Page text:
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  • Wendy Shreve

COLOR IN WHITE SPACE

Provincetown Film Festival

NEW ENGLAND SHORTS PROGRAM 2 (3rd entry of five)





Every year newcomers flock to Cape Cod either to settle permanently or buy a second home for vacations. Those who live her full-time often work three jobs to support themselves. Those who have second homes usually want to relax, enjoy what the Cape has to offer.


Then, we have Cape Codders. They distinguish themselves from "wash ashores" (non-native residents) because they were born here; some Cape Codders come from generations as far back as the Mayflower.


Among all three groups, there are some who forget that the Wampanoag have lived on Cape Cod long before the Mayflower's settlers took root. What's more, others overlook, even worse disparage, the migrants that have come here either on visas or to live here permanently. Hence the need for White Space (2021).


A twelve-minute short directed by Michael Cestaro, he sets the scene by initially leaving the camera lens unfocused, blurred, until a woman approaches the camera.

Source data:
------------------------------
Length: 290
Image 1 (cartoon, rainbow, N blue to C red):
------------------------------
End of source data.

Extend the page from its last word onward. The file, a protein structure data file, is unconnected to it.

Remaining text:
Alexandra, one of four women featured in this short, has a distinct accent which explains her reserve: she worries that as a recent immigrant, a Dreamer, her improving but still splintered English will separate her even more than the color of her skin. Of the four, she's the most emotional, sensitive--not having lived here long enough to have become inured.


The other Americans, Muska, Mozelle and Tianna express their feelings about race on the Cape via different vehicles. Muska articulates, uses convincing discourse; Mozelle sings her power then explains her truth; while Tianna sings, plays the guitar, speak-sings, and talks about her thoughts.


Tianna, has the burden of not only being black but also (her label) queer--if the world isn't difficult enough for a woman of color to navigate. In essence, she carries a double weight on her shoulders. Her tempered anger, careful yet pungent words explain so much.


They want to be heard, seen; given respect without having to explain themselves. Each woman, in the end, finishes their stories on a positive and/or hopeful note. Listen, watch and experience White Space.


Unrated.


#PIFF or https://www.provincetownfilm.org/festival/


See my reviews of just released/shown Festival movies, with more to come, on this website.


MASKS ARE REQUIRED AT ALL INDOOR SCREENINGS FOR THE FESTIVAL.


Earlier reviews not seen on this website (before May 20, 2021) are available on https://www.rottentomatoes.com/critic/wendy-shreve/movies


Care to share? Post or e-mail your comments to featuringfilmreviewer@gmail.com

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